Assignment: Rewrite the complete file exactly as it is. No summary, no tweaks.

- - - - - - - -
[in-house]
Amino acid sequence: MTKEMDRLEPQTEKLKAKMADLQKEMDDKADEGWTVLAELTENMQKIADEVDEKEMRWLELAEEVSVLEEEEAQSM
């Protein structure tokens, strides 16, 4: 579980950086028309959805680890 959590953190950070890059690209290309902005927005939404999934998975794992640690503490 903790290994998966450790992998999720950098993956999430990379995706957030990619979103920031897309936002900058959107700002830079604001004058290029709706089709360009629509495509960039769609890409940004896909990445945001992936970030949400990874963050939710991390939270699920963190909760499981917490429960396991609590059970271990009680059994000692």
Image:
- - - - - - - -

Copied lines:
[in-house]
Amino acid sequence: MTKEMDRLEPQTEKLKAKMADLQKEMDDKADEGWTVLAELTENMQKIADEVDEKEMRWLELAEEVSVLEEEEAQSM
């Protein structure tokens, strides 16, 4: 579980950086028309959805680890 959590953190950070890059690209290309902005927005939404999934998975794992640690503490 903790290994998966450790992998999720950098993956999430990379995706957030990619979103920031897309936002900058959107700002830079604001004058290029709706089709360009629509495509960039769609890409940004896909990445945001992936970030949400990874963050939710991390939270699920963190909760499981917490429960396991609590059970271990009680059994000692």
Image: